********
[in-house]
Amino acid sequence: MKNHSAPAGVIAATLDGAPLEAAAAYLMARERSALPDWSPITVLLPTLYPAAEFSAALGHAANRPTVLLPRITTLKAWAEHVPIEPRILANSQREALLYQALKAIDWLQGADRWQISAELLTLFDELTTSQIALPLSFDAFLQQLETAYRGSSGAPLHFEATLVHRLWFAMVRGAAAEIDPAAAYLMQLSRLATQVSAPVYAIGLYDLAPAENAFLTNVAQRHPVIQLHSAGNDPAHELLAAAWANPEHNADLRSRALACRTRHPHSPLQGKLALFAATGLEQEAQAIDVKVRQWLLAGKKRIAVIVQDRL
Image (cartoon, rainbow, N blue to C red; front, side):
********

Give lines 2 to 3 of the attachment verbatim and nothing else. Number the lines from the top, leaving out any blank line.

Amino acid sequence: MKNHSAPAGVIAATLDGAPLEAAAAYLMARERSALPDWSPITVLLPTLYPAAEFSAALGHAANRPTVLLPRITTLKAWAEHVPIEPRILANSQREALLYQALKAIDWLQGADRWQISAELLTLFDELTTSQIALPLSFDAFLQQLETAYRGSSGAPLHFEATLVHRLWFAMVRGAAAEIDPAAAYLMQLSRLATQVSAPVYAIGLYDLAPAENAFLTNVAQRHPVIQLHSAGNDPAHELLAAAWANPEHNADLRSRALACRTRHPHSPLQGKLALFAATGLEQEAQAIDVKVRQWLLAGKKRIAVIVQDRL
Image (cartoon, rainbow, N blue to C red; front, side):